Indian American Congresswomen introduces resolution against racial discrimination


In a move to bring a more inclusive governance an Indian American Congresswoman along with some of her colleagues are bringing forth a resolution that will give the minorities, especially South Asians who are often targeted for various acts of racial discrimination.

Congresswoman Pramila Jayapal together with Ilhan Omar, Rashida Tlaib, and Judy Chu introduced a resolution in the US Congress condemning racial profiling, bias, hate and violence against people of Arab, Muslim, Middle Eastern, South Asian, and Sikh descent soon after the 9/11 attacks.

Introduced on Friday, Sept 10, the resolution puts forward a series of recommendations to support those affected by the hateful profiling and targeting that has occurred during the 20 years since the 2001 terrorist attack, according to a media release.

“We must fully condemn all manifestations and expressions of racism, xenophobia, discrimination, scapegoating, and ethnic or religious bigotry while also finally acknowledging the climate of hate that Arab, Muslim, Middle Eastern, South Asian, and Sikh communities have experienced in the two decades since September 11, 2001,” said the Congresswomen.

“As we acknowledge that our own government implemented harmful policies that unfairly profiled and targeted Arab, Muslim, Middle Eastern, South Asian, and Sikh communities, we must also celebrate that these very communities have met these challenges with unwavering courage, strength, compassion, and resilience while uniting in the aftermath to advocate for civil and human rights — work which continues to this day to benefit all Americans.”

The resolution acknowledged that a week after the 9/11 attacks, community organisations reported 645 incidents of bias and hate against these communities at workplaces, schools, residential spaces, and even places of worship.

The resolution mentioned excess scrutiny, suspicion, and heightened discrimination even by public officials against people from these communities.

Policy implementations from the federal and state governments too have been based on xenophobia and stereotyping.

The horrors of the 11 September attacks led to discriminatory behaviour against Americans and non-Americans belonging to South Asian and Arab communities. Many have been wrongly detained, questioned and talked about by American people and policy implementers.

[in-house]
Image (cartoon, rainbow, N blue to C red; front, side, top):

The resolution mentioned that the National Security Entry-Exit Registration Systems of 2002 and 2003, required men and boys from 25 Muslim countries to register at local immigration offices with biometrics. This caused rounding up and questioning of these men and boys by the FBI, which never led to any terrorist conviction.

The proposed steps include:

Creating an interagency task force to work with community-based organizations to review these government policies, investigate and document their impact, and dismantle those policies which continue to profile and unfairly target these communities.

Holding hearings by congressional and civil rights bodies to explore the findings and recommendations of this interagency task force in consultation with and centering community-based organizations.

Allocating resources to community-based organizations outside and independent of law enforcement that center the experiences and demands of Arab, Muslim, Middle Eastern, South Asian, and Sikh communities to support the needs of victims of hate and state violence, including language support, mental health, comprehensive support, system navigation, and crisis response and recovery.

Calling on the Secretary of Health and Human Services, the National Institute of Health, and the National Science Foundation to work together to study the impact of hate, government targeting, and profiling on physical and mental health.